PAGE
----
Posts Tagged ‘Fraud’

Layoffs & Excel: How I Started Writing Shimmer

August 17th, 2010 Comments off
Somehow, when I was 35 years old, I found myself as Chief Operating Officer of a $15 million publishing company. We employed 200 people, we published all over the country, we had plans to grow even bigger, faster. I think I got that title largely because of a moment some years earlier, when we were trying to raise money from venture capitalists, but lacked a CFO who could provide them the details they needed. The owner of the company looked at me and said, “Do you think you can put together a spreadsheet?” I had no financial background. Minimal understanding of accounting. I’d been hired as an editor. But the owner was, like so many entrepreneurs, one of those people to whom it is almost impossible to say no. “Sure I can,” I said. I locked myself in my office for a month, taught myself the dark inner workings of Excel, and proceeded to construct an extraordinarily — perhaps ridiculously — elaborate model of all aspects of the company’s operations. When I was done, it was more than 500 pages long. There was no Ponzi scheme behind the model. But as we presented it to potential investors, it became clear that the complexity of the model gave it a self-fulfilling quality. The investors studied the numbers. And they wanted to believe. And so, in those same meetings, my mind started to wander. What would it be like to create a model built on a lie? At night, in the morning, I started to work on Shimmer. Meanwhile, the publishing company had grown too fast and gotten too big. We started cutbacks, layoffs, firings. It was awful. I stood in rooms of 20 people, all of them getting laid off. I met with a woman who’d just had a baby, laying her off as she cried into her hands. I laid one person off over the phone, calling her at home because she’d been sick, using a speakerphone to end it as she lay in bed in her trailer. She’d been with the company for 10 years. Those moments haunt me still. The realization that with my extravagant title, my elaborate model, and my power to have hired so many of these people, with all that I had taken these people into my trust. Every layoff and cutback, however, felt like a violation of that trust. I violated it often. In 2002, I bought five cases of beer, called a staff meeting, and told the remaining 60 people they no longer had a job. We had found investors, but they turned out to be in financial trouble beyond anything I could have imagined. The bank cut our funding. They stopped taking my calls. In the end, there wasn’t even enough money to file bankruptcy. We just walked away. For weeks, the phones still rang. The Web sites were still live. Even the email worked. I assume it was the landlord who finally shut off the lights.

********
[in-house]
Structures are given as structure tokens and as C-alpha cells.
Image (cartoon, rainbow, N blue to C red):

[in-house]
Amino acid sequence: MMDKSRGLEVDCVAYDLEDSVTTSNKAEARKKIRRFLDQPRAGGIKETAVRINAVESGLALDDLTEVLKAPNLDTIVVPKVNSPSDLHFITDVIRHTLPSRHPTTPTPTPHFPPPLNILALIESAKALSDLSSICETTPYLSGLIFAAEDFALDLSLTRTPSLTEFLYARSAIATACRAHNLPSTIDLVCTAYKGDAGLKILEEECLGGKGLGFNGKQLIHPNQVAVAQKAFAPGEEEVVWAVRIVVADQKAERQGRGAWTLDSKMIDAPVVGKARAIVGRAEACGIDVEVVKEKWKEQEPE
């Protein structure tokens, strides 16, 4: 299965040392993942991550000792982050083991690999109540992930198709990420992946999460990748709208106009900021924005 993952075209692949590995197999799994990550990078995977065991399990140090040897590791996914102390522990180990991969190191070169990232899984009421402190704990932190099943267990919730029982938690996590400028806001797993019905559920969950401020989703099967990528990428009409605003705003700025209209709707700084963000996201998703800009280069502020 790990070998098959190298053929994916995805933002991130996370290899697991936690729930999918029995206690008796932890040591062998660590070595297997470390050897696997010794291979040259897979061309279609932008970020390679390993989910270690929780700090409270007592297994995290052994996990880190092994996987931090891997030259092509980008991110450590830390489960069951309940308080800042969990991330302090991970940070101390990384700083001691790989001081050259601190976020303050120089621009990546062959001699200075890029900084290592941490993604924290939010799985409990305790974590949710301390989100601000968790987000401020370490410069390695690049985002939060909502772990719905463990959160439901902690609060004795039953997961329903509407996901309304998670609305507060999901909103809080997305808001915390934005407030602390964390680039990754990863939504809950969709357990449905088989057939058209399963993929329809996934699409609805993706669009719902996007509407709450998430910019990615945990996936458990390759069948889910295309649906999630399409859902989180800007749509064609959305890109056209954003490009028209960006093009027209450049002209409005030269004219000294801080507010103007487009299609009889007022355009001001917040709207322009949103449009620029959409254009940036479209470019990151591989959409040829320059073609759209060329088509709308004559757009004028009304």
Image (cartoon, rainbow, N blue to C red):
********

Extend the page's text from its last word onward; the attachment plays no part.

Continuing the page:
Robbie Case and the Real-Life Frauds – The three parts of Robbie

July 28th, 2010 Comments off
Someone asked me about the similarities between Robbie and any real-life frauds who run companies around the world. One note about the following is that, a year or so into the first draft of Shimmer, I realized that Robbie, Perry and Trevor had never appeared in the same room together. That realization, and the way in which each of the three formed the kind of whole described below, is what led me to end the book the way it ends. Without going too far with this, when I think about whether Robbie is symbolic of any real-life corruption, I have to think of him as three people — he’s Perry, Robbie and Trevor all in one. They are three views of the executive in the midst of the fraud. Trevor is at one extreme — the person who knows about the fraud, who was actually part of setting it in motion, and doesn’t care. Perry is at the other extreme — living in a kind of hopeful denial, wishing what he feels to be true wasn’t real, yet nonetheless working quietly to bring the fraud to an end. And then there’s Robbie, in the middle, knowing what he is doing is wrong, struggling with the ethics and morality of it every day, wanting not to benefit from the fraud, but unable to confess to the fraud, or to reject the fraud completely. So how does that relate to real-life frauds? I think the truth is that real-life frauds are more varied in their motivations than we want to admit, more so, at least, than the press often shows. Some of these people are purely and consciously diabolical. These are the Trevor’s of the world. But some are clearly more conflicted, they are swept up in a corruption that, while it’s of their own making, they want to undo it, like Robbie. And some are blind to the truth because they believe in what they’re doing but are, eventually, too smart and too caring to deny the truth forever, like Perry. Perry, for instance, in my mind, would have become a whistle-blower had Robbie not agreed to give everything up. Whistle-blowers — of corporate or government corruption – are modern heroes, I think. The pressure and threats that they face when they fight their bosses, when they speak truth to power, it’s unimaginable. We all can talk a good talk about doing what’s right, about avoiding anything unethical, but if it’s you’re job — the paycheck that feeds your children, that heats your house, that puts food on the table — if all that is on the line, would you speak up? Would you put yourself at risk? So many people wouldn’t. Perry, in that sense, is the true goodness in the novel. Not just because he listens to his own ethical voice, but especially because he helps — pushes, goads, enables — Robbie to find his own best self, the self that can give everything up, that can do what is right. Put another way, some of these frauds we see are, I am sure, awful people. People I wouldn’t want to share a cab with, wouldn’t enjoy a drink with. But other people who we see getting led away from the courtroom, I think that most of us would, if we spent time with them and learned what led them to them to their fraudulent and corrupt acts, we’d find that they were actually quite nice. Quite decent. Well intentioned. Human.